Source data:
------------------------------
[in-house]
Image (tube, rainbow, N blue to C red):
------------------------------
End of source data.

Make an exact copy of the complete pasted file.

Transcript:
[in-house]
Image (tube, rainbow, N blue to C red):